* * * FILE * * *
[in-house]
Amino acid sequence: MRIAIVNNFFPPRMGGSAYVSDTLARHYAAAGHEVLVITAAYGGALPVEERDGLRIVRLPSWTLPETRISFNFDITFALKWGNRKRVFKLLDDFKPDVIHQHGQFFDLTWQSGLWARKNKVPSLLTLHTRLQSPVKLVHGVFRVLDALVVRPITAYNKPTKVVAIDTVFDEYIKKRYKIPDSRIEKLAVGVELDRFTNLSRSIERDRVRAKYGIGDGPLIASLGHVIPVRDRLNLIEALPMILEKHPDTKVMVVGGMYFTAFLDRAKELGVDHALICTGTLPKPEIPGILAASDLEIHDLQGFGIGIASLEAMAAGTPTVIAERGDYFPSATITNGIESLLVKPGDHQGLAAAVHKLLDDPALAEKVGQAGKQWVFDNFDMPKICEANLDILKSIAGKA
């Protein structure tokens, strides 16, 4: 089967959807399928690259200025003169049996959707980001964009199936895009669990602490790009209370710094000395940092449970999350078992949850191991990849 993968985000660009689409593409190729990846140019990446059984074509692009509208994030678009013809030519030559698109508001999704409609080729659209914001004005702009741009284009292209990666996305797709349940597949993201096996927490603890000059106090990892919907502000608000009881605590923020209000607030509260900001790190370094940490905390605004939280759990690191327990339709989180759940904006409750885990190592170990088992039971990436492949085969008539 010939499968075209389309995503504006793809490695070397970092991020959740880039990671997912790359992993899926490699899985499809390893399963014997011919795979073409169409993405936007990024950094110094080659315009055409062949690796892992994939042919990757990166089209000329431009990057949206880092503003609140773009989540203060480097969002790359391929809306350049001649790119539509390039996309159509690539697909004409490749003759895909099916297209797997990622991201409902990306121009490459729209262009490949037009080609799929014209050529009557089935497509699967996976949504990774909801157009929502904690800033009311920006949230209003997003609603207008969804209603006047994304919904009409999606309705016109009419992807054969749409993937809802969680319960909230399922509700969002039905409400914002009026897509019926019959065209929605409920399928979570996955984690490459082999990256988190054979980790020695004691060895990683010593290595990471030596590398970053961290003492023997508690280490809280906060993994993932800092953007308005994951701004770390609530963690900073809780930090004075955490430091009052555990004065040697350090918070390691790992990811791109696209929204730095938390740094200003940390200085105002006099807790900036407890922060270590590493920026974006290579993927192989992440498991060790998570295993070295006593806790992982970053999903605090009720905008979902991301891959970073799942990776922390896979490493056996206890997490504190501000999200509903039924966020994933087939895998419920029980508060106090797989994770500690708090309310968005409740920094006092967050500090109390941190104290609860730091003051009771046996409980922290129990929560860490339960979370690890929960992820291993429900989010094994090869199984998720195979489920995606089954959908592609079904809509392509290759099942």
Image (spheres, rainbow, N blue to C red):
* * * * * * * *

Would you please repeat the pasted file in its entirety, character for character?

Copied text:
[in-house]
Amino acid sequence: MRIAIVNNFFPPRMGGSAYVSDTLARHYAAAGHEVLVITAAYGGALPVEERDGLRIVRLPSWTLPETRISFNFDITFALKWGNRKRVFKLLDDFKPDVIHQHGQFFDLTWQSGLWARKNKVPSLLTLHTRLQSPVKLVHGVFRVLDALVVRPITAYNKPTKVVAIDTVFDEYIKKRYKIPDSRIEKLAVGVELDRFTNLSRSIERDRVRAKYGIGDGPLIASLGHVIPVRDRLNLIEALPMILEKHPDTKVMVVGGMYFTAFLDRAKELGVDHALICTGTLPKPEIPGILAASDLEIHDLQGFGIGIASLEAMAAGTPTVIAERGDYFPSATITNGIESLLVKPGDHQGLAAAVHKLLDDPALAEKVGQAGKQWVFDNFDMPKICEANLDILKSIAGKA
């Protein structure tokens, strides 16, 4: 089967959807399928690259200025003169049996959707980001964009199936895009669990602490790009209370710094000395940092449970999350078992949850191991990849 993968985000660009689409593409190729990846140019990446059984074509692009509208994030678009013809030519030559698109508001999704409609080729659209914001004005702009741009284009292209990666996305797709349940597949993201096996927490603890000059106090990892919907502000608000009881605590923020209000607030509260900001790190370094940490905390605004939280759990690191327990339709989180759940904006409750885990190592170990088992039971990436492949085969008539 010939499968075209389309995503504006793809490695070397970092991020959740880039990671997912790359992993899926490699899985499809390893399963014997011919795979073409169409993405936007990024950094110094080659315009055409062949690796892992994939042919990757990166089209000329431009990057949206880092503003609140773009989540203060480097969002790359391929809306350049001649790119539509390039996309159509690539697909004409490749003759895909099916297209797997990622991201409902990306121009490459729209262009490949037009080609799929014209050529009557089935497509699967996976949504990774909801157009929502904690800033009311920006949230209003997003609603207008969804209603006047994304919904009409999606309705016109009419992807054969749409993937809802969680319960909230399922509700969002039905409400914002009026897509019926019959065209929605409920399928979570996955984690490459082999990256988190054979980790020695004691060895990683010593290595990471030596590398970053961290003492023997508690280490809280906060993994993932800092953007308005994951701004770390609530963690900073809780930090004075955490430091009052555990004065040697350090918070390691790992990811791109696209929204730095938390740094200003940390200085105002006099807790900036407890922060270590590493920026974006290579993927192989992440498991060790998570295993070295006593806790992982970053999903605090009720905008979902991301891959970073799942990776922390896979490493056996206890997490504190501000999200509903039924966020994933087939895998419920029980508060106090797989994770500690708090309310968005409740920094006092967050500090109390941190104290609860730091003051009771046996409980922290129990929560860490339960979370690890929960992820291993429900989010094994090869199984998720195979489920995606089954959908592609079904809509392509290759099942």
Image (spheres, rainbow, N blue to C red):